Local Boater Option
I got my local boater option card today... process was super easy.
I filled out the app on Wed night and scheduled an appt online for Friday (today) at 11am. Went to CBP at the port in Riviera Beach at 10:50am. Fingerprints and photo and I was out at 11:02am.
Some quick takeways:
- I registered my boat also as the master. Take your passport and boat registration...
- You have 24 hours from arrival to call in.
- If you have passengers that do not have the local boater option, they have to report in person. If they do not, the violator and you as the master, may get fined. The officer suggested that the master accompanies any non-local boater option participants to ensure they do report. Now I have to go back with the wife and kids and get their own cards...
Full read below but I'll copy up here and highlight the penalty section......
Failure to report can result in civil penalties as defined in Title 19, United States Code, Section 1436 to include a penalty of $5,000 for the first violation and $10,000 for each subsequent violation with the conveyance subject to seizure and forfeiture. In addition to being liable for a civil penalty, a master who intentionally commits a violation under subsection (a) of the above stated section, upon conviction, is liable for a fine of not more than $2,000 or imprisonment for one year, or both.
U.S. Customs and Border Protection
Thank you for voluntarily participating in the Small Vessel Reporting System (SVRS).
Your SVRS Number is BRXXXXXXXXXXXX
Please click the link below to confirm your e-mail address and to setup your password.
SVRS Password Setup.
Optionally you can copy the link below and paste it into your browser window.
We would like to provide some information about Customs andBorder Protection (CBP) requirements for pleasure boaters and the SVRS.
The master of a pleasure boat arriving from foreign isrequired to contact CBP via telephone immediately upon arrival (pursuant to 19CFR 4.2 and 8 CFR 235.1) and make an oral declaration for themselves and allpassengers on the boat concerning any goods purchased or acquired while abroad(19 CFR 148.11 and 148.12). The master is also required to report in-person atthe nearest port-of-entry (POE) within 24 hours to submit the necessarydocumentation to verify identity and lawful immigration status (pursuant to 8USC 1321 and 1323). For more detailed information about the CBP requirementsfor pleasure boaters, please visit our website at http://www.cbp.gov/xp/cgov/travel/pl...boats/svrs.xml.
The SVRS will allow you as a participant, undercertain circumstances, to telephonically report the arrival of yourvessel, make customs declarations, and submit any necessary additionalinformation and may be cleared without a face-to-face inspection. Please notethat the immigration status and citizenship must be valid and participants mustpossess appropriate valid immigration and identity documents at all times.
Any passengers who are onboard an arriving vessel and havenot previously elected to participate in the SVRS program, will be required toreport to the appropriate POE for a face-to-face inspection. Although theparticipating master will not be required to report with the non-participant,the master is legally responsible for ensuring the non-participants presentthemselves to CBP for a face-to-face inspection and failure to comply with thisrequirement may be subject to penalties.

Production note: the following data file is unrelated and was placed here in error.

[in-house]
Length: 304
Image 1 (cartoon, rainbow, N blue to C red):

During future arrivals, the master must contact CBPimmediately upon arrival and provide their SVRS number and maybe asked to provide other identifying information. Based on the informationprovided, CBP will verify that the master and occupants of the vessel are SVRSparticipants and determine whether the master's report satisfies inspectionrequirements or whether further inspection is necessary. CBP reserves the rightto board and inspect any small pleasure vessel and its occupants arriving fromany foreign port or place and will conduct random inspections of SVRSparticipants.
Reporting Requirements for Pleasure Boat Operators
When a private vessel arrives at a port of entry, the Master of the vessel musttelephonically report arrival immediately to U.S. Customs and Border Protection(CBP). Additionally, the Master and all passengers must physically presentthemselves for an in-person inspection.
If the vessel is U.S.flagged or is a foreign-flag vessel that does not qualify for a cruising license, and is 30 feet or longerin length, the owner must obtain a user fee decal, which is available for $27.50. More information on how to obtain a user fee decal is available at: www.cbp.gov under the tab labeled "Travel".
If a foreign flagged vessel will be sailing to a number of ports during a stay in the United States, it may be eligible for a cruising license. This license exempts pleasure boats of certain countries from having to undergo formal entry and clearance procedures at all but the first port of entry. If your vessel is eligible, please request the cruising license at your first port of entry.
There are certain entry requirements of which boatersshould be particularly aware. One is the requirement to obtain approval from ATF - in advance - for the entry of all firearms onboard the vessel. If you donot have the approved ATF Form 6 for firearms, CBP will detain them.